Staying in Midtown Manhattan - just a couple of blocks from the Empire State Building. More expensive than I wanted but hotels we checked out were either dumps (according to reviews - and still not cheap), good deals but no vacancies, and prohibitively expensive. We went for one on the bottom end of prohibitively expensive - but affordable since flying for free.

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Re: NYC Advice

Postby FangKC » Sat Jun 15, 2013 6:00 pm

A couple of suggestions about new shows on Broadway.

Bette Midler in I'll Eat You Last: A Conversation with Sue Mengers

http://www.broadway.com/shows/ill-eat-you-last/

Ann, a play about former Texas governor Ann Richards

http://www.broadway.com/shows/ann/

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Re: NYC Advice

Postby Highlander » Sat Jun 29, 2013 10:07 am

FangKC wrote:A couple of suggestions about new shows on Broadway.

Bette Midler in I'll Eat You Last: A Conversation with Sue Mengers

http://www.broadway.com/shows/ill-eat-you-last/

Ann, a play about former Texas governor Ann Richards

http://www.broadway.com/shows/ann/



Looks like its going to be "Chicago" but there's time for more than one.

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Re: NYC Advice

Postby Highlander » Wed Jul 31, 2013 8:26 pm

Fang - your comments were right on the money. We followed your recipe pretty closely. We had a great time and probably averaged 5+ miles per day taking the subway increasingly towards the end of our trip. We spent most of our time in Manhattan (plus a little in Brooklyn), the outer boroughs will have to wait for another trip. Manhattan is a pretty small place. The maps make Chelsea look like its own small secluded entity but you can stand on 7th avenue in Chelsea and look directly past Penn Station into Time Square. I did love how every street had it's own quality and that quality changed from district to district. One thing I noticed is that you kind of need to know where are you going when hunting down a restaurant, they seem to be concentrated in discrete districts like Hells Kitchen (which we frequented), Lexington (Curry Hill) and on 53rd between 1st and 3rd avenues (among many, many other places) but they aren't just found anywhere. What's the deal with all the scaffolding. It's everywhere - even where there is no construction.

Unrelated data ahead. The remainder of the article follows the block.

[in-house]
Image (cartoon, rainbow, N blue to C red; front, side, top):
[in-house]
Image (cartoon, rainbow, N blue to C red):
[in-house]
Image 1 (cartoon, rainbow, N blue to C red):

The first day we walked from our hotel near Madison Square Garden to Battery Park (and pretty quickly), caught a boat out to the Statue of Liberty (alas, Ellis Island still closed down from Sandy) and then meandered back stopping at Katz Deli in the lower east end. Restrooms were an issue on these long jaunts and we took advantage of your suggestions. Next day was the Empire State Building and a walk up to the Natural History Museum (could have skipped that), Lennon memorial stuff, walked across Central Park to Bloomingdales. The rest of the days were similar. We did spend some time in the art museums, my daughter is really into art, and we could have spent a couple of days alone at the Met - a half day was enough though. The Guggenheim, on the other hand, was a bit of a waste but the building itself was worth the price of admissions.

We did walk across the Brooklyn Bridge and the myriad of scaffolding and construction drapes and enjoyed a brief walk through downtown Brooklyn and the waterfront. Wasn't too crazy about Lower Manhattan. Massive construction around the WTC site funneled the sizable crowds into very small areas and made it very uncomfortable although the WTC memorial is well done - even moving. Did all the other neighborhoods too - Soho, Chinatown, Tribeca but Little Italy was a huge disappointment - just isn't much left of it.

Anyway, great trip - took over 1000 pictures. Will try to post a few.

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Re: NYC Advice

Postby FangKC » Wed Jul 31, 2013 9:20 pm

Highlander, I'm glad all had a nice time.

Yes, there is always a lot of scaffolding around Manhattan. They are always replacing windows and doing tuck pointing on brick facades. The scaffolding can be up for weeks and months.

Yes, Little Italy has been shrinking for years, being over taken by Chinatown. It's really just about two blocks on Mulberry now. Most of the Italians left years ago for the Bronx, Queens, Brooklyn, and Staten Island.

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Re: NYC Advice

Postby pash » Wed Jul 31, 2013 9:42 pm

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Re: NYC Advice

Postby earthling » Wed Jul 31, 2013 11:20 pm

Did you manage to do the High Line walk? Sounds like you got a good taste of THE City for a first visit. Katz is a to do institution for sure but is disappointing (though not unexpected) what has happened to the lower E Side. All the grit and soul and dive joints have been gentrified and inhabited by people with money who have no appreciation of its past. I really miss Tonic, Mars - and CBGBs turned into yuppie condos.

Am heading out again in a couple months. My younger brother just moved to Williamsburg (Brooklyn) after being in Brooklyn Heights for 10 years. Manhattan is and always will be an amazing place to visit, with constant change of the times, but Brooklyn is something to check out next time for a little more neighborhood depth.